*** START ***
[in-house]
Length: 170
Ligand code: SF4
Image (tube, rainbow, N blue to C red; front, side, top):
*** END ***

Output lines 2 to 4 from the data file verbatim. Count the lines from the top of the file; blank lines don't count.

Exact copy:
Length: 170
Ligand code: SF4
Image (tube, rainbow, N blue to C red; front, side, top):